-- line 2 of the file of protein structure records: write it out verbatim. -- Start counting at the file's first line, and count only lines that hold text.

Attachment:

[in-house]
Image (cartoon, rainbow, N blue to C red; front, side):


Image (cartoon, rainbow, N blue to C red; front, side):